International Business Machines Corp. said in March 2011 it had settled with U.S. regulators over allegations it bribed Chinese and South Korean officials to win at least $54 million in government contracts.
The deal still hasn’t been approved by a federal judge in Washington. Of 33 foreign bribery settlements with companies reached by the SEC since 2010, only one other failed to win judicial sign-off in less than three months.
The cause of the delay isn’t publicly evident. U.S. District Judge Richard Leon, in a set of unusual moves, has held off-the-record hearings and phone conferences with the parties. Even a request for more time to respond to comments Leon made during a nonpublic hearing on Nov. 15 wasn’t placed on the record. Only the order granting the request appears on the court docket.
Neither the SEC nor the company will discuss the matter.
“That’s certainly a long time,” Stephen Crimmins, a former SEC official now at K&L Gates LLP in Washington, said in an interview. “It’s possible Judge Leon is weighing the underlying factual record to see if the proposed settlement is in the public’s interest.”
The first hint of what’s causing the holdup may come Dec. 10 when the parties are required to submit papers responding to what Leon said in the Nov. 15 hearing, according to the court’s docket.
Leon declined to comment through Jenna Gatski, a court spokeswoman.
The company, without admitting or denying wrongdoing, agreed in 2011 to pay $10 million in disgorgement and penalties to settle alleged violations of the books-and-records and internal-control provisions of the Foreign Corrupt Practices Act, or FCPA.
The alleged payments, which occurred from 1998 through 2009, were made by employees at three subsidiaries of Armonk, New York-based IBM, as well as LG IBM PC Co., a joint venture with LG Electronics Inc., according to the SEC’s lawsuit.
The SEC said cash payments to South Korean officials from 1998 to 2003 totaled $207,000 and were connected to contracts worth almost $54 million. Some of the money was delivered in shopping bags.
In China, the IBM employees created “slush funds” at local travel agencies that were used to pay for overseas excursions by government officials, the SEC said. IBM employees also gave gifts, such as cameras and laptop computers, to Chinese officials, according to the complaint.
The SEC didn’t say what IBM received in return from those officials.
The misconduct in China “involved several key IBM-China employees and more than 100 IBM China employees overall,” the agency said.
The complaint and agreement were filed on March 18, 2011, and the first hearing was held two weeks later. The SEC then submitted a revised version of the consent and final judgment to Leon that removed reference to a section of the law capping some penalties at $10,000.
While the SEC’s complaint detailed allegations of bribery, it cited only books-and-records violations, raising the question of whether the agency could seek $5.3 million in disgorgement, Mike Koehler, a Butler University professor, said on his FCPA blog on March 24, 2011.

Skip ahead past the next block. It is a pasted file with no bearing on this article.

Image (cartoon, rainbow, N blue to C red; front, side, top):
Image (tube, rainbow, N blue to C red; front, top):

“It is difficult to see how mis-recording of a payment (a payment the SEC does not allege violated the FCPA’s anti-bribery provisions) can properly give rise to a disgorgement remedy,” Koehler wrote.
Since the case was filed, Leon hasn’t held a single hearing in public and until last month hadn’t asked for any additional filings from either side. At least three private meetings with the parties took place in his chambers without a court reporter present, according the case file and court stenographers.
IBM’s lawyer, Evan Chesler of Cravath, Swaine & Moore LLP in New York, and a company spokesman, Doug Shelton, didn’t respond to e-mail and telephone messages seeking comment on the settlement. John Nester, an SEC spokesman, had no immediate comment.
Since January 2010, the SEC has filed 33 proposed civil enforcement settlements in federal courts against companies citing FCPA violations, according to the commission’s website. Of those, all but five were approved within 30 days.
A $2 million settlement with Oracle Corp. filed in San Francisco on Aug. 16 received judicial approval 11 days later. The SEC’s portion of a $60.2 million agreement with Pfizer Inc. in August was approved 21 days after it was filed in Washington.
The IBM case is one of five filed by the SEC since 2010 that didn’t include criminal charges brought by the Justice Department.
The only other SEC settlement awaiting approval is its $13.1 million deal with Tyco International Ltd. that was filed in Washington on Sept. 24. Leon is overseeing that case, too.
In 2000, IBM settled with the SEC over alleged bribes in Argentina. An IBM subsidiary in the country was accused of making payments through a subcontractor in 1994 and 1995 to win a $250 million contract.
Without admitting or denying the allegations, IBM paid $300,000 to settle the matter.
The SEC ordered that the company “cease and desist” from “committing or causing any future violation” of the books-and-records provision of the Securities Exchange Act.
The case is SEC v. International Business Machines Corp., 11-cv-00563, U.S. District Court, District of Columbia (Washington).